DARKE COUNTY — The fight against crime, and the fight against recurrence of crime, got a boost as Darke County’s Adult Probation Program qualified for a state grant totaling $54,852.
The grant, awarded by the State of Ohio’s Department of Rehabilitation and Correction, will be used for the county’s Intensive Supervision Program (ISP).
James Mollette, chief probation officer for Darke County, explained that the ISP is one of three levels of probation in the county.
Persons on the first level not required to report. Those on the second level are required to meet with his or her probation officer approximately once a month.
On the ISP level, however, the person must report at least weekly, if not a few times per week.
This level of probation is for offenders most likely to fall back into a pattern of criminal behavior, according to Mollette.
How doe his department determine who gets placed in ISP?
“We use the Ohio Risk Assessment System, or ORAS,” said Mollette. “It’s a tool we use that looks at a person’s criminal attitudes, beliefs, education, employment history, their neighborhood, their criminal history — it uses all those factors. Someone just getting out of prison, for example, instantly falls into this classification.”
The trend in Ohio, as well as in many other states, is an effort to keep low-level offenders out of prison in the first place.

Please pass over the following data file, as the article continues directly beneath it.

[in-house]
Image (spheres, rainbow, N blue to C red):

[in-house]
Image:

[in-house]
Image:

“The State of Ohio’s prison system doesn’t want to see low-level felonies,” said Mollette. “A grant like this helps us to divert them, giving the judge more sentencing option than to send someone to prison.”
As part of this effort, the department focuses not only on keeping those on probation from relapsing into criminal behavior, but concentrates on the underlying factors that themselves contribute to recidivism.
“Of the areas we measure, the most important are typically substance abuse and a person’s education and employment,” said Mollette. “If we can tackle those two areas, they can do good in our society.”
Substance abuse, particularly heroin addiction, is a vexing issue for the department.
“Heroin is the biggest health and criminal threat in the county,” said Mollette. “We’ve been using Vivitrol for close to a year, a high percentage of those in the ISP or in the pre-trial stage in court.”
Vivitrol, a drug used to treat heroin addicts, blocks the effects of opioids, but is not a cure-all remedy.
“Vivitrol has been successful, but the challenge is that the addict may then seek to obtain other drugs, like cocaine or marijuana. Vivitrol does nothing for those drugs,” he said.
Currently, the county’s adult probation program employs six full-time officers, including Mollette. At any given time, the officers are responsible for overseeing 90 to 100 adult offenders.
Mollette says that a person’s upbringing frequently plays a significant role in the probability of committing criminal acts.
“When you have someone whose mom and dad are constantly fighting, being drunk, doing drugs, that’s going to shape them,” he said. “Growing up, this person may have a bad opinion of law enforcement, a bad opinion of the court system. Combined with substance abuse, chances are they will fall into the same trap.”
“Though we say that someone can overcome that, that it’s not an excuse, it makes it harder,” he added.